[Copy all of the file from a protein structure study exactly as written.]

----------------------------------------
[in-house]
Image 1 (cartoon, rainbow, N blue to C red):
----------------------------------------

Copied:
[in-house]
Image 1 (cartoon, rainbow, N blue to C red):